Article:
Another tree with interesting bark is the Shagbark Hickory (Carya ovata). As the name implies, this hickory’s bark hangs in rough scale-like patches along the trunk, creating a very shaggy appearance. This type of bark is also a great hiding place for numerous creatures, such as the mourning cloak butterfly, and you are apt to see birds like a nuthatch, or brown creeper inspecting the bark for something to eat.
In addition to these two trees, we of course have to include River Birch (Betula nigra) with its tan, peeling bark, and Red-twig Dogwood (Cornus sericea). Remember that Red-twig Dogwoods can grow quite large (6-8’ tall by 8-10’ wide), and since the red twigs occur on new stems, it is often cut back to about 6” in early spring to control size and maintain the striking red color.
Native Plants with Berries
Besides providing color in the winter landscape, plants with berries are a food source for birds and other animals at a lean time of year. The berries of many of these plants are not palatable to birds until after several freezes soften them, which is why they are not eaten earlier in the year. Among these winter gems are Winter King Hawthorn (Crataegus viridis ‘Winter King’), Crabapple (Malus coronaria cv.), Chokeberry (Aronia arbutifolia), American Beautyberry (Callicarpa americana), Winterberry (Ilex verticillata), and Northern Bayberry (Myrica pensylvanica). Fruit color can range from bright red, to copper, to bright lavender, to white in these plants.
Northern Bayberry is an interesting and underused native landscape plant. The dark berries are coated with wax, giving them a white appearance in winter. They are relished by birds, and can also be melted down to make bayberry candles, producing that distinctive bayberry scent. These plants are often found along the coast and are very salt tolerant, so they are a great choice for along roads where salt is used.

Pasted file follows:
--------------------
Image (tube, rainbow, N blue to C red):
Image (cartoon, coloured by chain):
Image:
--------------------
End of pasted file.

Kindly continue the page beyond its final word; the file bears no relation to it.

When choosing cultivars of these plants, keep in mind that smaller fruit is easier for birds to eat, and larger fruit is usually showier for humans. And remember, with hollies and bayberries, you will need both a male and a female plant in order to get fruit. Ask your local nursery expert which male holly is the correct pollinator plant for the female cultivar that you choose.
Native Plants with Interesting Seed Heads
Another great way to add interest to your winter landscape is to include plants with interesting seed heads or plants that look nice when they are dried. Oakleaf Hydrangea (Hydrangea quercifolia) is a fabulous four-season plant whose large panicles of dried flowers turn from creamy white in summer to an antique pink in late summer and finally a lovely tawny brown in winter.
The dark seed-heads of Black-eyed Susan (Rudbeckia fulgida) if left standing, not only provide food for finches, they look terrific by providing structure and contrast in your garden after a snow.
Other plants to consider are our native grasses, such as Little Bluestem (Schizachyrium scoparium), Purpletop (Tridens flavus), and Indian Grass (Sorghastrum nutans), as well as Milkweed (Asclepias sp.) which has interesting seed pods that are sometimes used in decorating, or in dried flower arrangements.
So if you find yourself yearning to get outside in the winter months, why not design a winter garden, where you can enjoy the outdoors all year long?